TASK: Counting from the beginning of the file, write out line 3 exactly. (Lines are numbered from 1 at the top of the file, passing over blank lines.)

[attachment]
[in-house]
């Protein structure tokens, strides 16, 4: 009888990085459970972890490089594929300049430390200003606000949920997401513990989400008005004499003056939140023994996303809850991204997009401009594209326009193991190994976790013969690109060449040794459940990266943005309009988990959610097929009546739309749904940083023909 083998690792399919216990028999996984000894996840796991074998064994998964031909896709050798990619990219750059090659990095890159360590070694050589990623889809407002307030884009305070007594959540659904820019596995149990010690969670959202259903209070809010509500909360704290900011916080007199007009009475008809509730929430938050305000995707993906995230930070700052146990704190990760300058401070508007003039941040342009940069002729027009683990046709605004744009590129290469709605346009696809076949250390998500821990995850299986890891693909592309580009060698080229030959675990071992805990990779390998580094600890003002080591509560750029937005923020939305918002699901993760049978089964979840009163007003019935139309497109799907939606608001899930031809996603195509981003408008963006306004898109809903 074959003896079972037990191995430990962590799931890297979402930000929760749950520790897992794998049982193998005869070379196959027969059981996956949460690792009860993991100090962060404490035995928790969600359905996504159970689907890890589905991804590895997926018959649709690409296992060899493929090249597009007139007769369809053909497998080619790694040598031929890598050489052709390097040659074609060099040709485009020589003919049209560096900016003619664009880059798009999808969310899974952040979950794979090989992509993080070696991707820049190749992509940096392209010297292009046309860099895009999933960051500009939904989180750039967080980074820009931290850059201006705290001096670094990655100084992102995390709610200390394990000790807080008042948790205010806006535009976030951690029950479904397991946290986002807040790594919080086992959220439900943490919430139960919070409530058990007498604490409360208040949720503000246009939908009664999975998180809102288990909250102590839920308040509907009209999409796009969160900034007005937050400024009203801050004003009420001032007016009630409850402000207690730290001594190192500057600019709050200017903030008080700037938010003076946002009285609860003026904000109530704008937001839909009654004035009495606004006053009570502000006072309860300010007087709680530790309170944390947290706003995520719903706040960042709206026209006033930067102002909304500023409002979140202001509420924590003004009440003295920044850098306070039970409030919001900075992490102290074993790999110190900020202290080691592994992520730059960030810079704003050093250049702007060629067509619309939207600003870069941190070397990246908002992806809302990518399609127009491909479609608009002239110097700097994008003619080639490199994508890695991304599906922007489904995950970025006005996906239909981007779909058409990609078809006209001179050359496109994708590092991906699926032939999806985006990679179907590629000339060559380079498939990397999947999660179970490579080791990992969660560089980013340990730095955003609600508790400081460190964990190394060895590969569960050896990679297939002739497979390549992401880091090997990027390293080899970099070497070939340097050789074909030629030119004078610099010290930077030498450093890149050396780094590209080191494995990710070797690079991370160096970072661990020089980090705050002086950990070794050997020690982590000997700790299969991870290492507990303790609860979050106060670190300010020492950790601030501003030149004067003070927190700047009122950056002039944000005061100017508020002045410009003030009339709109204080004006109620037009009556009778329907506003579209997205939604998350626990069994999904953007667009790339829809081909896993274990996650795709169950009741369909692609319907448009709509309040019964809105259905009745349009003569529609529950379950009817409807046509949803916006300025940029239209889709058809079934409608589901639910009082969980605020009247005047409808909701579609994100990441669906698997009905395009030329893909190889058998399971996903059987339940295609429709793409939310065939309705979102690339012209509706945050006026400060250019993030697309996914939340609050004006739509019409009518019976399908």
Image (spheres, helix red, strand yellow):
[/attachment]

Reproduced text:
Image (spheres, helix red, strand yellow):